The relative pronouns which and that are easily confused, and there is no definitive correct usage; furthermore, these words are often used differently in speech. However, the two words are generally not used in an exactly identical fashion in writing. Which often refers to the idea presented by the entire previous clause, and the word is commonly used to introduce non-restrictive clauses (see below).
A claim was made that the pendant belongs to a “female hoard”, which is one of the claims examined in this thesis.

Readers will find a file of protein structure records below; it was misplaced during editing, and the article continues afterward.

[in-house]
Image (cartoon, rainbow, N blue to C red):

The phrase “which is one of the claims examined in this thesis” is called a non-restrictive or non-defining clause, because this clause does not add crucial information to the main clause. This type of clause is (usually) set off by a comma.